Q&A About the Writing Life
On April 24-25, I’ll be teaching two workshops and meeting with conferees at the Wordsowers Christian Writers Conference in Omaha, Nebraska. If you are not already registered, you still have time.
You’ll have a chance to pitch your ideas to publishers such as Focus on the Family, The Upper Room, Nazarene Publishing House, Wesleyan Publishing House, Cross River Media Group, Bible Advocate magazine, Now What? magazine, Lighthouse Publishing of the Carolinas and AMG Publishers. You can register here.
One of the leaders of the Wordsowers group, Kat Crawford, conducted an interview with me a few weeks ago about some of my current writing projects, and the writing process in general. Here’s a portion of that interview:
Kat: What prompted you to write and freelance edit full time?
It wasn’t anything mystical. I just had a strong desire to do so. As somebody who is painfully shy, writing has been my primary means for communicating the way I feel. Once I realized that doing so touched others on occasion, it awakened a desire to do it professionally.
On the editing side, it’s a natural progression for somebody who is trying to make a full-time living in the industry.
Kat: You have a new book coming out soon. I know you have the title. Do you have the subtitle yet? Why did you write this particular book?
The book is called Common Grounds and the subtitle I will probably use is “Contemplations, Confessions and (Unexpected) Connections from the Coffee Shop.” A subscriber to my email list sent that idea to me, and I love it.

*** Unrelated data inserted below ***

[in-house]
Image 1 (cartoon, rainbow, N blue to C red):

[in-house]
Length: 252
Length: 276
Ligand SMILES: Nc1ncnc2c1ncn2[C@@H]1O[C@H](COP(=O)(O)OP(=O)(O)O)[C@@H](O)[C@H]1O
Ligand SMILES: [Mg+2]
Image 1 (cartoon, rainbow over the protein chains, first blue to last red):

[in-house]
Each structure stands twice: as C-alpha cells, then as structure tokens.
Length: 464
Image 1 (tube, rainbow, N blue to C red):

I wrote this book to see if I was the only one. Am I the only one who is still shy about approaching a woman I am interested in, even though I am forty-eight years old? Am I the only one who just needs to be around people sometimes, even if we don’t have a conversation? Am I the only shy, large person who tries to blend in wherever he goes?
Deep down, I knew I wasn’t the only one in any of these cases, but knowing something and feeling it are two different things. As such, I believe this book will resonate with people who have similar questions about their own insecurities and struggles.
I visited thirty coffee shops to find out the answers to those questions, and more. I wrote about what I observed and experienced. If I’ve done the math correctly, I spent $136.42 on coffee and a few donuts, which is a small price to pay for the commonality I felt between the patrons, baristas, and myself. And standing on common ground gave me strength in the most unexpected of ways.
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